Timely Research on Personal Savings published in Journal of Marketing
Schulich Associate Professor of Marketing Nicole Mead recently had a paper chosen over 300 other submissions for publication in the Journal of Marketing’s special issue on Better Marketing for a Better World.
“This research has the potential to improve people’s lives in these challenging times. My co-authors and I have developed a simple, inexpensive, and easy-to-implement intervention that can help people to save more money,” said Professor Mead.
Popping the Positive Illusion of Financial Responsibility Can Increase Personal Savings: Applications in Emerging and Western Markets argues that people hold unrealistically positive beliefs about their financial status because this enables them to feel good about themselves. However, these overly positive self-views prevent people from saving. Therefore researchers need to develop interventions which pop this positive illusion to encourage saving.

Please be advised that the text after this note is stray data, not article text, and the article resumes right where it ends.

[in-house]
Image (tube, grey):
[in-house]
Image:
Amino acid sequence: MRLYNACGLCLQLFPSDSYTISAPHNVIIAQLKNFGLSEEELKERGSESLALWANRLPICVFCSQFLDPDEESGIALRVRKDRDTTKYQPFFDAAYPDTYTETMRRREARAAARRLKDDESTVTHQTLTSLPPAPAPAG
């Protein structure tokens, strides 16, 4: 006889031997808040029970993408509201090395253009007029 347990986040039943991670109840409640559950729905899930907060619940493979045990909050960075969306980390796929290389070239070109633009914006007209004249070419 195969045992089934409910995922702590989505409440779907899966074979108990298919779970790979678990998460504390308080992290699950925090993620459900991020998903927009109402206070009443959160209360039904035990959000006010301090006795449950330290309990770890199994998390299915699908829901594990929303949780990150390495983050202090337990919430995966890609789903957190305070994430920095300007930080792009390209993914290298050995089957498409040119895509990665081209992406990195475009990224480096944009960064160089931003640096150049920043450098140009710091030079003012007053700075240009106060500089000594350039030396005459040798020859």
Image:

The paper includes studies conducted in Canada, the US, as well as Uganda, as co-author Daniel Gregg does a lot of field research there. The people of Uganda and the context were perfect because Ugandans in particular wanted to save more but experienced many daily barriers to doing so.
The research the paper conducted could be even more impactful during COVID-19.
“Before the pandemic hit, many countries were reporting record low saving rates and record high debt loads. The pandemic made it very clear to both households and the government the importance of having an emergency savings fund. Hopefully expediting saving will continue to be a prominent conversation in the lives of people around the world,” Mead said.